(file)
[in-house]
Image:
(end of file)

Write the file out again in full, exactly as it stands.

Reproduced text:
[in-house]
Image: